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How Does September 19, 2022 (the National Day Of Mourning) Affect Employers in BC?

September 15, 2022

Employment Law & Employment Standards Act, Business Employment Law and Human Rights, Labour Relations & Union Advice

How Does September 19, 2022 (the National Day Of Mourning) Affect Employers in BC?

With the passing of Queen Elizabeth and her funeral set for Monday September 19, 2022, governments throughout the world are looking to see how to honour Her Majesty’s passing.

In Canada Prime Minister Trudeau announced there would be a National Day of Mourning.  The government published a Proclamation of the Governor General stating, inter alia, “…by this Our Proclamation request that the people of Canada set aside September 19th 2022 as the day on which they honour the memory of Her late Majesty Queen Elizabeth the Second, who passed away on September 8th 2022.”  The Proclamation requires that the “Loving Subjects…take notice and to govern themselves accordingly.”

Is September 19, 2022 a Statutory Holiday?

Unlike the September 30 NDTR holiday, this day of remembrance is NOT a statutory holiday under the Canada Labour Code or (federal) related legislation.

Nor is it a statutory holiday under the BC Employment Standards Act (provincial). The Premier has made it clear that while the BC government will give the day off with pay to provincial employers and shut down government offices including schools and courts, there will be no amendment to the Employment Standards Act to make it a holiday applying to all provincial employers.

The Prime Minister has declared that federal government employees will have a paid day off. But his Minister of Labour, following the outcry of federal employers led by the banks, made it clear that this holiday would not affect non-government federally regulated employers such as banks, telecommunications, or aerospace employers. In a tweet he stated:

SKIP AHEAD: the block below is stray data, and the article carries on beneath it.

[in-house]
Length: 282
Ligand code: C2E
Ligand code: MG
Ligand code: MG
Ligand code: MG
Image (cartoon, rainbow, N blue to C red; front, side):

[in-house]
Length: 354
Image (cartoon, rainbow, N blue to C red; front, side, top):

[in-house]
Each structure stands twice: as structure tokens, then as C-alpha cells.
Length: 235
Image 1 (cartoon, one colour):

September 19, 2022 will be a holiday for federal government employees. It will be a day of mourning for the passing of Her Majesty Elizabeth II, Queen of Canada. Federally regulated employers are welcomed to follow suit, but they are not required to do so. [emphasis added]

Therefore, provincially regulated non-union employers are not required to give their employees the day off with pay.  We encourage employers to follow the direction to provide employees with the opportunity to take a moment of silence on Monday to show their respect for Her Majesty.

Unionized Employers and Collective Agreements

The more difficult question relates to those BC unionized employers who have in their collective agreements language that provides for listed Paid Holidays but adds holidays declared or proclaimed by the federal government.  For example, the BC government collective agreement stated:

Any other day proclaimed as a holiday by the federal, provincial, or municipal governments for the locality in which an employee is working shall also be a paid holiday.

The BC Government relied on that language to say they were obligated to give September 30, 2021 off as a paid holiday to its unionized employees notwithstanding that the NDP chose not to make it a statutory holiday.